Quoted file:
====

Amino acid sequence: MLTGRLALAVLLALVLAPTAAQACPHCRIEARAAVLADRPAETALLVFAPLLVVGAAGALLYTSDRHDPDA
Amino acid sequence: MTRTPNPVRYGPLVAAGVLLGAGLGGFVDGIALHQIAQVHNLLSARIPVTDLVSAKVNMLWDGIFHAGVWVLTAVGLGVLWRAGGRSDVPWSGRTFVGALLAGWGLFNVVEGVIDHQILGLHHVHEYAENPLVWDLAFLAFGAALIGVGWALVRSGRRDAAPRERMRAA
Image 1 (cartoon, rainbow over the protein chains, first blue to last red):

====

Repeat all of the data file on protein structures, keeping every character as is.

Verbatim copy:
Amino acid sequence: MLTGRLALAVLLALVLAPTAAQACPHCRIEARAAVLADRPAETALLVFAPLLVVGAAGALLYTSDRHDPDA
Amino acid sequence: MTRTPNPVRYGPLVAAGVLLGAGLGGFVDGIALHQIAQVHNLLSARIPVTDLVSAKVNMLWDGIFHAGVWVLTAVGLGVLWRAGGRSDVPWSGRTFVGALLAGWGLFNVVEGVIDHQILGLHHVHEYAENPLVWDLAFLAFGAALIGVGWALVRSGRRDAAPRERMRAA
Image 1 (cartoon, rainbow over the protein chains, first blue to last red):